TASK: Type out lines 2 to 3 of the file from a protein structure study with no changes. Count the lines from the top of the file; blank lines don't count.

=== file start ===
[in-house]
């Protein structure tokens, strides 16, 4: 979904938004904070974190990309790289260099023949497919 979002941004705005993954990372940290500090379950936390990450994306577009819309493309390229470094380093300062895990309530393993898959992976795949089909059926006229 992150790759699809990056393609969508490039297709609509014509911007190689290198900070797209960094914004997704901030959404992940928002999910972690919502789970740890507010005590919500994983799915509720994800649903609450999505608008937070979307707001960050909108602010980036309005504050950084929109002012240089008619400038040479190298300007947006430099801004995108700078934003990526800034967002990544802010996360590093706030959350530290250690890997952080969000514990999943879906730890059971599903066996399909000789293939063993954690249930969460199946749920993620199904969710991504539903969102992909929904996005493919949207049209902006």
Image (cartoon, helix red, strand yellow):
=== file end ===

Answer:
């Protein structure tokens, strides 16, 4: 979904938004904070974190990309790289260099023949497919 979002941004705005993954990372940290500090379950936390990450994306577009819309493309390229470094380093300062895990309530393993898959992976795949089909059926006229 992150790759699809990056393609969508490039297709609509014509911007190689290198900070797209960094914004997704901030959404992940928002999910972690919502789970740890507010005590919500994983799915509720994800649903609450999505608008937070979307707001960050909108602010980036309005504050950084929109002012240089008619400038040479190298300007947006430099801004995108700078934003990526800034967002990544802010996360590093706030959350530290250690890997952080969000514990999943879906730890059971599903066996399909000789293939063993954690249930969460199946749920993620199904969710991504539903969102992909929904996005493919949207049209902006």
Image (cartoon, helix red, strand yellow):